Though not a majority, probably not even all that many of them, a segment of the counterculture of the Sixties who couldn't abide the coming of disco in the next decade fueled a revival in the 1970s of the "old time" music of the American heartlands: the string band music based on the Scots-Irish fiddle and banjo tunes of the early colonial settlers, the a cappella ballads and shape note singing found in the Primitive Baptist churches, the ramblin' and gamblin' songs recorded by early "hillbilly" stars like Charlie Poole and Jimmie Rodgers, and much, much more of the deeply-rooted traditional American sounds. Many of these "leftover hippies" had been raised in urban or suburban environments, not "in the tradition", and as they began raising their own families, their kids got dragged along to the various festivals, fiddler's conventions, square dances and other events energized by the music. New Jersey native Evie Ladin was one of those kids who spent a lot of childhood summers in places like Mount Airy, N.C., Galax, Va. and Clifftop, West Va., and like many of her contemporaries, she grew up playing the music for her own enjoyment.
Like other young "old time" women of her generation (other notable examples include Abigail Washburn and Rayna Gellert), Ladin used her background in old time music as a launchpad to investigate the music of other cultures (including in her case, Nigeria) and assimilate it all into a songwriting and performance ethic distinctly her own. After forming her own Evie Ladin Band with bassist/percussionist Keith Terry and guitarist Erik Pearson, their self-titled debut in 2012 drew enough raves to land them Americana Album of the Year from the Independent Music Awards/Vox Pop. Four years later, "Jump The Fire" finds them still one of the most adventurous and hard-to-label outfits on the scene.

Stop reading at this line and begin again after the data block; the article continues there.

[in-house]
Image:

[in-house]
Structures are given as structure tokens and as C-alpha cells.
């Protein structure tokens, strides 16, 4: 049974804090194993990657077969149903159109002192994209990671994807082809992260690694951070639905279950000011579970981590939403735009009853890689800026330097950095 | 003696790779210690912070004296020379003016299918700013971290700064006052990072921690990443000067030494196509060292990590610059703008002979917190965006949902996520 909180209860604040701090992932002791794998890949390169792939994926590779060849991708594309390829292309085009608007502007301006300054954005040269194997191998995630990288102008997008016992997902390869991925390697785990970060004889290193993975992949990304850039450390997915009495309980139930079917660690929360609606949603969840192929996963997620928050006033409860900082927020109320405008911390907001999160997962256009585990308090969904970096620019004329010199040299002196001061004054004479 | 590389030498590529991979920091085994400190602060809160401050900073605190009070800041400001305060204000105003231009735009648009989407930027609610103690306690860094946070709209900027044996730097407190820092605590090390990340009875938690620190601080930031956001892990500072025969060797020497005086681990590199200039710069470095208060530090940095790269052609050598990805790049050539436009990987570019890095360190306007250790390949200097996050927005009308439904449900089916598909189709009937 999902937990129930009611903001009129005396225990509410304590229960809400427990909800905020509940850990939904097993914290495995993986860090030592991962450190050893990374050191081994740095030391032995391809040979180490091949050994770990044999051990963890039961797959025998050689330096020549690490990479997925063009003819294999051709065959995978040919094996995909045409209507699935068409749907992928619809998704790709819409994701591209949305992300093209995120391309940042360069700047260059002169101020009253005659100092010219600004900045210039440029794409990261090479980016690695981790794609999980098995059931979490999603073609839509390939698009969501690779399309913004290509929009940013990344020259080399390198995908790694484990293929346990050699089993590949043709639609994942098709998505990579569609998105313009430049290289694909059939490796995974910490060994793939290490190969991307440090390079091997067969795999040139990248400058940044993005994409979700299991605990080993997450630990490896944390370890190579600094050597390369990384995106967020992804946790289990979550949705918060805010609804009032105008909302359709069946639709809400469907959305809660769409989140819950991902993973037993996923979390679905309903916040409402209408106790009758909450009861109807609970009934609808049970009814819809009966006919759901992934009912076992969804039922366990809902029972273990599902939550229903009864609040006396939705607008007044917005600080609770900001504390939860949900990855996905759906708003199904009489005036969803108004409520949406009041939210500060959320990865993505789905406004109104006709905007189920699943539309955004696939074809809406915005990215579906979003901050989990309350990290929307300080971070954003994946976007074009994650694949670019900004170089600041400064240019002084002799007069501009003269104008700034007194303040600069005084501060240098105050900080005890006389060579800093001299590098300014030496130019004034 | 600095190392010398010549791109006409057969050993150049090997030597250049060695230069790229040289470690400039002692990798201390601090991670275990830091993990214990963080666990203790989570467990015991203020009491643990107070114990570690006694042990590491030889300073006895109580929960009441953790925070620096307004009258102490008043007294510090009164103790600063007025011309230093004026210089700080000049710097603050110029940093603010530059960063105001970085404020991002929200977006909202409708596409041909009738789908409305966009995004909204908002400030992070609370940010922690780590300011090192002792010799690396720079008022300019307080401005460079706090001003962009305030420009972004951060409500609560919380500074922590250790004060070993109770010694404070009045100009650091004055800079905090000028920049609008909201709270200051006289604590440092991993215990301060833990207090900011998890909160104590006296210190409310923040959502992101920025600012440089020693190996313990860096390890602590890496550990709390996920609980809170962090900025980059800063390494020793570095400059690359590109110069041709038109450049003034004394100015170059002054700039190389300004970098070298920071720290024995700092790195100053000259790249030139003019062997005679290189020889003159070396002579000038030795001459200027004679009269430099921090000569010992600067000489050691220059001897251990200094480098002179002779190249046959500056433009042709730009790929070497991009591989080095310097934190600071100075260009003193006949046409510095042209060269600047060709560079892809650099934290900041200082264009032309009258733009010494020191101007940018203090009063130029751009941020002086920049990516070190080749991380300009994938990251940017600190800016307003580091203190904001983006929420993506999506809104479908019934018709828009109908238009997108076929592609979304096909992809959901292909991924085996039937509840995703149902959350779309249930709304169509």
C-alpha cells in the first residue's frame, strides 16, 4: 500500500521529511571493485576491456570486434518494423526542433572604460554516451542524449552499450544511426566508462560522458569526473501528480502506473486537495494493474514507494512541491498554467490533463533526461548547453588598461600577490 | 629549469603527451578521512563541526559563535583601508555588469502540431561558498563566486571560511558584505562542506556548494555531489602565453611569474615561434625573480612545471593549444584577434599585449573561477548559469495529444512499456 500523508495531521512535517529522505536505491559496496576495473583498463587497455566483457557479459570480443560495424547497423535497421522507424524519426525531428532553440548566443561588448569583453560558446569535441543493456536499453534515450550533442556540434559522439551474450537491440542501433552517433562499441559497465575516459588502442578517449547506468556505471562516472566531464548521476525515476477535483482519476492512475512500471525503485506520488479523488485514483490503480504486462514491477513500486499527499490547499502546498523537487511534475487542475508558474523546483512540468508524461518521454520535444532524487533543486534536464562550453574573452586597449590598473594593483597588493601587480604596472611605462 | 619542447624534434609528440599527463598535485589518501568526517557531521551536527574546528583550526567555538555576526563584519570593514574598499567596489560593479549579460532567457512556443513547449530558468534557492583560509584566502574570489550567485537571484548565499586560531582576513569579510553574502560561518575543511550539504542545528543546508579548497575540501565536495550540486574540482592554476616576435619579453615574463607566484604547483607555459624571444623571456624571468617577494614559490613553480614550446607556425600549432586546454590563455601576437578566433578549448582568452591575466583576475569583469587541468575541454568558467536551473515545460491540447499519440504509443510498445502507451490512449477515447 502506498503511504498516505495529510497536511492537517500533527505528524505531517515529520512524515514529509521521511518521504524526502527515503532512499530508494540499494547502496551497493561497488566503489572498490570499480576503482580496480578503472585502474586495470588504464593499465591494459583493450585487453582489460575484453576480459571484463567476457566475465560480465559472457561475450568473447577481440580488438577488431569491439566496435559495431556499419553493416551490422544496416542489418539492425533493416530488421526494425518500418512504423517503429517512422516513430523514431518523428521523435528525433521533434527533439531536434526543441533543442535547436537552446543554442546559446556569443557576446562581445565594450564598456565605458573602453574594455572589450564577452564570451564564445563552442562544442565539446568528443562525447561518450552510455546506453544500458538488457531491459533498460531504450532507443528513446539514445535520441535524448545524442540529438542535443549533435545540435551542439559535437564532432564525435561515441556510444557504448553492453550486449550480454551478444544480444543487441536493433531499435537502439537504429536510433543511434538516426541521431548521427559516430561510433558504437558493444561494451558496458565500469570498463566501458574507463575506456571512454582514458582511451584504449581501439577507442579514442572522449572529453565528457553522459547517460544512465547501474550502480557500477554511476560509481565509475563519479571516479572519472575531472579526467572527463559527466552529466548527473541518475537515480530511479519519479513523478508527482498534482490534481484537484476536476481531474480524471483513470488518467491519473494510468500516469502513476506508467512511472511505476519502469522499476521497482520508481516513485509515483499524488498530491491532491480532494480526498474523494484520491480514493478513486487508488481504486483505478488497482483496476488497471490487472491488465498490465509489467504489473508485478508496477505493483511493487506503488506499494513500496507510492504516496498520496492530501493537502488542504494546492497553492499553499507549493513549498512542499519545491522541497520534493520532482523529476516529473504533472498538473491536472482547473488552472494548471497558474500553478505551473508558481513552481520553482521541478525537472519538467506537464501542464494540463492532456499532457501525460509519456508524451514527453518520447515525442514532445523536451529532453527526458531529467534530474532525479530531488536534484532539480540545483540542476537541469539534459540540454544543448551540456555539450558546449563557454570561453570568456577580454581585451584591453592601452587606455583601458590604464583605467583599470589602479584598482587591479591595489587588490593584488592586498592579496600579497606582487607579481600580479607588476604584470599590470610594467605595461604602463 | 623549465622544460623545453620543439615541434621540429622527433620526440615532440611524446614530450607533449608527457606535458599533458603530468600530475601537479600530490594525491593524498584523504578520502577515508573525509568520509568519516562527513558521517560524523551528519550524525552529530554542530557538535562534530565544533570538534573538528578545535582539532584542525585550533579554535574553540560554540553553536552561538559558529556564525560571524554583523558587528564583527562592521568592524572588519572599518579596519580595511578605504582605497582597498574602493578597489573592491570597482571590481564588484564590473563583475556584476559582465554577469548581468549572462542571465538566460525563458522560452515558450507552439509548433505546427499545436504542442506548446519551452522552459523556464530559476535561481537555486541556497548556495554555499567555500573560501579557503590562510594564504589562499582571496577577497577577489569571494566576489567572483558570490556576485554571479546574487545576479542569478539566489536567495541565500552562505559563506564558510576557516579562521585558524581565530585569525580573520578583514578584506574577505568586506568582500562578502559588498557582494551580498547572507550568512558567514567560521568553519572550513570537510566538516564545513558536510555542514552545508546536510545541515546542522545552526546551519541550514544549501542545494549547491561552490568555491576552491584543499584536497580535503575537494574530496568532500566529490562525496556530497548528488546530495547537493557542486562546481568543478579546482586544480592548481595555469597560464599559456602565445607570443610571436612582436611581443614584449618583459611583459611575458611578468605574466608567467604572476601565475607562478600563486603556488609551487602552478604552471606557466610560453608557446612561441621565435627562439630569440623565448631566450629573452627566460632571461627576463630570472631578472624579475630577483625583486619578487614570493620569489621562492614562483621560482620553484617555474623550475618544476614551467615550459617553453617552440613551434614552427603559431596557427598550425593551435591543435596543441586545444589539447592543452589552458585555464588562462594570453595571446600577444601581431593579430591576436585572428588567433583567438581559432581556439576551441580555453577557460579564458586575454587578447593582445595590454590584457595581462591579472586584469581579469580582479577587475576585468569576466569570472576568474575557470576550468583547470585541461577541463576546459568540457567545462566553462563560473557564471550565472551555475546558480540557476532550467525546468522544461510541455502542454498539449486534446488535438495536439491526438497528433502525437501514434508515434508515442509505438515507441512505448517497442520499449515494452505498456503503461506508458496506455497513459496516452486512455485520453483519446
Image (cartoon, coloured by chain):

Ladin's frailing, "clawhammer" banjo playing is at the core of the band's instrumental sound, and while she can keep up to speed with the best of them, she relies more on tone and timing here to convey what each song is trying to say. Her songwriting, as on "Under The Waterline" and "Heat Of The Day" is intelligent and imaginative without being pretentious or obtuse, and she even works in occasional references and musical "cameos" ranging from the Carter Family to the Rolling Stones.
As a vocalist, Ladin's voice is unerringly clear, rich, and on pitch - she would be equally at home fronting a swing band or a jazz quartet, and on "Drinking About You" she goes the full honky tonk, but she seems to have found her niche blending old time sounds with blues, country, African and whatever else suits her mood. It's not easy to describe, but it's easy to listen to and appreciate.